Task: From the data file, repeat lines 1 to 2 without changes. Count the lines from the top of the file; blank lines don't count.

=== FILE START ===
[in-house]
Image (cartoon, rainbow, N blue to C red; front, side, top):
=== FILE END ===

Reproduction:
[in-house]
Image (cartoon, rainbow, N blue to C red; front, side, top):